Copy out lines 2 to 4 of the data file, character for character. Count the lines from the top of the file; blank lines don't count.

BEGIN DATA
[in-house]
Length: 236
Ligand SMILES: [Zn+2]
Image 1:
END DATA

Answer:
Length: 236
Ligand SMILES: [Zn+2]
Image 1: